The only anaconda they had come across while walking was a beautiful 12-footer that Stafford stopped to film. When he'd finished, his native guide hacked the creature into pieces. "He said it was to feed to his dog," Stafford tells me. "But one of the things I learned early on was that there was no point in trying to impose my Western sensibility on the people who live here. They do what they do to survive. They don't think of animals as having any value except food."
In late afternoon we find a small stream and stop for the night. After months of sleeping out, Stafford and Cho have reduced setting up camp to a science. I have not reached that point and very nearly dismember myself with the machete while trying to clear an area of underbrush. Eventually I get a tent fly strung between two trees as a shelter. This way camp can be made even in a driving rain. The key piece of equipment is the expedition hammock, enclosed by mosquito netting and entered via a Velcro- sealed slit in its bottom.
Cho and Stafford assemble a structure of damp green wood on which to build a fire and support the cook pot, gathering standing deadwood from the forest for fuel. It's a miracle the fire will catch with wood that is drenched daily, but Cho soon has a crackling blaze and puts on a pot of stream water. Dinner is boiled rice with canned tuna bought from a supply store in the last village we'd passed through. "When I first began, I thought there would be much more of a survivalist element, fishing and living off the land," says Stafford. "But as it's happened, we come across villages often enough that we can resupply or pay villagers to cook for us. That's been the most surprising aspect: how much we've had to deal with people. I had imagined it would be emptier, more man versus nature." He realized that the cultural interchange with the people of the Amazon was an integral part of the expedition. He also realized that it was easier to start a fire with a cheap plastic lighter than with flint and steel.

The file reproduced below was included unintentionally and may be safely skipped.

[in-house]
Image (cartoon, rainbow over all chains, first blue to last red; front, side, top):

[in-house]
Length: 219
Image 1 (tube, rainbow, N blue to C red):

Even though we're coated with DEET the mosquitoes are swarming around us, and as the equatorial night drops fast I crawl into my hammock and close myself in. A symphony of insects performs, multilayered, shockingly loud. Thousands of mosquitoes tap against the netting, probing for an entrance. The cough-like whoops of howler monkeys echo in the distance. Then a low hiss builds and builds, until the temperature drops and the rain opens up like a jet taking off, drowning all other sound, enshrouding the night.
In the morning I put on my still-wet clothes from the previous day. Wrung out is as dry as any of us ever get, and Stafford tells me to look out for foot rot, staph-infected cuts, and all the other bacterial and fungal delights of the Amazon's petri-dish environment. In an uncaffeinated haze I remember that you are supposed to shake your boots out before putting them back on in the jungle. I tap one upside down and a cricket the size of a sparrow clambers out and hops away.